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Scenes from the strangest week

Posted by on April 2, 2013

In a week that sent us reeling, words fall short. To put it mildly, we echo Rev. Nancy Taylor in saying that it was “the strangest.” It will be a long time, if ever, before we can construct a narrative that makes any kind of sense out of the violence and chaos of last week. But there were some scenes, some moments so poignant that we hope that when we look back at these days, these moments of hope are woven into the stories we tell.

.::. .::. .::.

Monday, April 15, 2013 – As word gets out about the explosions, waves and waves of people took to the internet to check in on each other. Even though cell lines were clogged or disabled, members of The Sanctuary community reached out to one another and spread the word of each other’s safety.

Tuesday, April 16 – 10:00 AM – Members of the Sanctuary’s music team met to rehearse for Thursday’s service. We had planned to meet at Arlington Street Church, just three blocks from the Marathon’s finish line. Before the rehearsal, the musicians looked out onto Boylston Street from the church’s roof. It was desolate, with space blankets and gatorade cups still strewn everywhere. Through song, through sharing, through being together, our tender hearts began to thaw from the shock. We began to envision what healing might look like.

Sanctuary Team leaders Dave Ruffin, Joanna Lubkin, and Mark Buckles (on piano, not seen in this picture) lead the community in Sarah Dan Jones' "Meditation on Breathing"

Sanctuary Team leaders Dave Ruffin, Joanna Lubkin, and Mark David Buckles (on piano, not seen in this picture) lead the community in Sarah Dan Jones’ “Meditation on Breathing”

Tuesday, April 16 – 8:00 PM – Members of The Sanctuary Boston joined congregations from around the Back Bay for an interfaith candlelight vigil back at Arlington Street Church. More than 700 people attended, and we joined in song, in prayer, and in silence.  You can read more from the New Yorker, listen to audio of Dave, Jo, and Mark leading the “Meditation on Breathing”, and view some great pictures from the Charlestown Patch. Our message: Love is bigger than fear.

Thursday, April 18 – At our Sanctuary worship, Teo Drake spoke about how spiritual practice can give us enough grounding and nourishment that we can allow our hearts to be broken and to be broken open. We sang, we prayed, we … didn’t want the service to end.

Worship despite "shelter in place"; we took shelter in each other. Including Sanctuary folks Schuyler, Sarah, Seth, Sean, and Jo.

Worship despite “shelter in place”; we took shelter in each other. Including Sanctuary folks Schuyler, Sarah, Seth, Sean, and Jo.

Friday, April 19 –  Lockdown. Isolated in our homes in Watertown, Boston, Cambridge, Somerville, Brookline, Newton. Glued to the news and the social media. Helicopters. Sirens. And yet, “There is a crack in everything. That’s how the light gets in.” Again and again this week, community broke through the ice of fear. The Harvard Unitarian Universalist Ministry for Students (HUUMS) held their noon worship online, giving us a place to be together despite a “shelter in place” order that kept us closed in wherever we were.

Sunday, April 21 – The Sanctuary Boston joined in with other Back Bay congregations in an interfaith service at the barricade at Berkeley and Boylston Streets. Torah scrolls mixed with gold crosses mixed with comfort dogs mixed with singing mixed with people giving out free hugs.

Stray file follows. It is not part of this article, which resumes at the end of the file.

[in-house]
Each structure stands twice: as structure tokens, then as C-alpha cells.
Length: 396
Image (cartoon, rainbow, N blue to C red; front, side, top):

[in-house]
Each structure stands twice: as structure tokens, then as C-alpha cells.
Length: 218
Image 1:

.::. .::. .::.

When we look back on this time, and people ask us, “Wasn’t there so much fear? So much anger?” We can say, “Yes. But there was also love. There was also hope. There was also faith. We were together.”

One Response to Scenes from the strangest week

  1. sanctuaryboston

    From Sanctuary community member Jessica Gingold’s blog from last week… a scene from her week and the worship which we shared together Thursday:

    I was locking my bike in front of church tonight as the three boys walked down the street. Teenagers, texting with headphones in while carrying out a conversation, “Can you imagine dude, being down there… not running away, but running toward the violence. Helping even when they are covered in blood. So much blood.”

    “You just gotta tune it out I think. You just gotta forget there is blood and help.”


    They walked on. I took a deep breath, reminding myself that they were not talking about some foreign war or a video game. No, they were walking down the streets of Boston just a few blocks from where the bombs went off three days ago. They were talking about their home. My home, if only temporary.

    The lump formed in my throat as I biked down Beacon St., but it was when I stepped through the front doors of the church that my eyes welled up. Once the music began, the tears came, almost against my will. My thoughts vascillated between being so grateful to be in a place where I could cry, yet also analyzing myself—why now? why are you crying now when you were “fine” all day?, and then wondering if I was allowed to feel this sad. I am not from Boston. I’ve joked since coming here that I am on a study-abroad trip for a year from the Midwest. My home here is across the river from Boston in Somerville. I attend Harvard. Copley square was a place I had been meaning to go all year, but had not yet made it to. And now I instantly want to launch into the reasons I am allowed to feel sad… I had been watching the marathon just before. My friend’s dad was running it, though, thankfully, was having a bad race and did not make his target time, the time the bomb went off. That I feel this as an ally to the pain so many feel directly. But… that all misses the point. It is not about who got hurt most or who was closest to the blast though those things do matter. This blast shook more than the ground beneath it.